Freedom of thought

Minor Friar has a post today that made me think about imposing my views on others. The temptation to impose my views always exists. The more I react out of fear the more likely it is to happen. His post made me think again of Thich Nhat Hanh. Nhat Hanh has a mindfulness training devoted to Freedom of Thought.

Aware of the suffering brought about when I impose my views on others, I am committed not to force others, even my children, by any means whatsoever – such as authority, threat, money, propaganda or indoctrination – to adopt my views. I will respect the right of others to be different and to choose what to believe and how to decide. I will, however, help others renounce fanaticism and narrowness through compassionate dialogue.”–Thich Nhat Hanh.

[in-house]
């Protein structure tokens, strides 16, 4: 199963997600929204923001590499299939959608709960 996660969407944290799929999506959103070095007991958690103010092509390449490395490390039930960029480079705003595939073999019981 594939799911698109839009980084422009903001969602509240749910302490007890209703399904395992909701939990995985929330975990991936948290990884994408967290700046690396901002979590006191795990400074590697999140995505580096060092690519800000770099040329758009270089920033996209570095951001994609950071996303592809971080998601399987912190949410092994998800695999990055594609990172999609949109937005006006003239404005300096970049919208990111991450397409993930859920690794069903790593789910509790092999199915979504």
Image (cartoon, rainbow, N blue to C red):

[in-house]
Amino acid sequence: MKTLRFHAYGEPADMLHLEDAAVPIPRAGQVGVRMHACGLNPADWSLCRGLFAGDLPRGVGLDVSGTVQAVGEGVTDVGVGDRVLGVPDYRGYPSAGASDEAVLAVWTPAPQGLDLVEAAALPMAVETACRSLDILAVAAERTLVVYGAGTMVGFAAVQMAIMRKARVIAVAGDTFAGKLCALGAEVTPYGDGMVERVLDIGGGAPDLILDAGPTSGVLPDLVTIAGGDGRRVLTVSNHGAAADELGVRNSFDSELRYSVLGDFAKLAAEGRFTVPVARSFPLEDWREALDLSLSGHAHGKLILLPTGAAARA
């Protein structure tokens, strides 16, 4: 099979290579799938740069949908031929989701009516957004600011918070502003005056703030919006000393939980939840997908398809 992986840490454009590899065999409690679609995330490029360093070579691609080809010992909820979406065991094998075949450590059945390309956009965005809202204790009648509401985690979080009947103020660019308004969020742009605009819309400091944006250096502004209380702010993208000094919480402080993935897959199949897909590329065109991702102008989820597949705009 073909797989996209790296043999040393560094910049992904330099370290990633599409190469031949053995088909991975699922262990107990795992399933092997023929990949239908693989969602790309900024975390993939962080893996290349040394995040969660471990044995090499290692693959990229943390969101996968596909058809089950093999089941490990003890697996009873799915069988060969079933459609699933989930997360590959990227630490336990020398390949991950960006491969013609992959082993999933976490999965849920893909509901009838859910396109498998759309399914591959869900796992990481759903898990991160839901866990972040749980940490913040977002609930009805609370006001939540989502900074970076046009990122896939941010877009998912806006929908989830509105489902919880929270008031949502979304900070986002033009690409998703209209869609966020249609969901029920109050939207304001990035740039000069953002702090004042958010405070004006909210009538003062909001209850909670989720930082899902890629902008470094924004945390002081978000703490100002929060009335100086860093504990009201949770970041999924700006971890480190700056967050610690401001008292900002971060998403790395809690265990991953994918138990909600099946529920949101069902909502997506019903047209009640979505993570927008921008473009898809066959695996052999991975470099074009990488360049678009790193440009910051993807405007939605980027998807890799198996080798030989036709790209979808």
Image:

In looking at my own work I can see at times this tendency to impose my views. Today as I read the commentaries on the Da Vinci Code I saw many people have emphasized the truthfulness of their assertions. With such an approach there is a tendency to set one against another. Such an emphasis can lead to violence. It may not be an actual striking of blows but such thinking leads to trivialization of another’s arguments and that can lead to violence. Can we eliminate violence from our thoughts and our language? Probably not, but we can become mindful of our language and mindful use of language could be the beginning of a nonviolent dialogue. Peace.

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